Capers are very low in calories and has 23 calories per 100g. They contain anti-oxidants, phytonutrients and vitamins A, K, niacin. Niacin helps lower your cholesterol.
How do they grow? What are they?
On a gentle ridge of Bunya Red Farm we had cultivated an area to plant our capers. The rich red soil is well drained with a pH of 6.4 – 6.8 across the paddock. Our first 150 capers were planted on mounds on 11th & 12th November 2011. As they went into the ground we added extra natural fertilizer. Each row was a different mixture, and one row had none at all. This was our test row, to see how our plants would manage on the existing nutrients in the soil alone. Experimenting with NatraMin Cal-S, Seamungus and alpaca poo, each were chosen for their benefits for soil and plant nutrition.
Capers are the unopened flower bud of the caper plant (Scientific name: Capparis spinosa). The plant is a low growing, but well spread out bush. As ours have only been in the paddock for 15 months, the plants have not yet grown to the expected height of about 1 metre, or spread of about 3.5 – 4 metres. We are looking forward to getting closer to that size as each year progresses.
The caper plant comes from a Mediterranean climate. Here in the South Burnett, we experience cool winters (-4 degrees in 2012) and hot dry summers (we had high 30’s to low 40 degrees in December & January). All this rain is not in our normal weather pattern for summer. Fortunately our plants are holding up well in this prolonged wet summer. We have put down weed mat along the plant rows, covered it with lucerne mulch, and installed a drip irrigation system. Since January this year, rainfall has far exceeded the caper’s requirements.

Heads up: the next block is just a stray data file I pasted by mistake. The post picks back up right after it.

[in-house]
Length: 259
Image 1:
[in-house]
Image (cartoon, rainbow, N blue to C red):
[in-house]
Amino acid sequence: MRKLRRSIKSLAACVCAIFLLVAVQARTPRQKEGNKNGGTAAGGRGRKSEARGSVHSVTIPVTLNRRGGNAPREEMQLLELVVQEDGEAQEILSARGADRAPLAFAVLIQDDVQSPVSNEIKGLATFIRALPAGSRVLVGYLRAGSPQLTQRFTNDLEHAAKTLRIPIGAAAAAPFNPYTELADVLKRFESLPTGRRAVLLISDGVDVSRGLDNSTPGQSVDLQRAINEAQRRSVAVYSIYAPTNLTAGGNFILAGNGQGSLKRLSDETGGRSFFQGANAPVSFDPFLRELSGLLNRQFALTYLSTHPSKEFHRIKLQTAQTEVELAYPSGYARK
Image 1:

As the caper bush grows, each season, the lower branches provide its own mulch cover on the ground. It also easily hides some of the buds that are to be picked. If the buds are not picked in time, they burst into flower. The flowers are beautiful, white petals with many long purple stamens. Each flower only lasts for 1 day. The variety of caper bush we have are ‘spineless’ they do not have the spikes, or thorns on the bush. This definitely makes for easier picking. After the flower has been pollinated it sets an oblong caperberry which can be picked. If the caperberry is allowed to grow too large and round, it is bitter and not good for eating. The young shoots and leaves have also been eaten either fresh or preserved.
We started hand picking in October last year. Part of our daily routine during the season is to visit the ‘caper paddock’ – be it harvesting, by hand, checking for insects and caterpillars, or pulling the occasional weed, or just to enjoy the view and the fresh air. Normally we could pick until the end of March (as we did last year), however, this year’s continual wet and cooler temperatures have stopped picking already. This has limited our first season’s quantity of capers.
Once autumn weather has arrived in earnest, we will be mulching and feeding our caper plants in preparation for the much cooler winter temperatures. The plants are pruned right back to quite nearly the stump. The plants are dormant throughout the winter, allowing us to have a much needed break. Once the temperatures start to rise, and spring is in the air, the plants start to send out new shoots and branches ready for a new season ahead. It is also time to fertilise and check weed control measures are in place.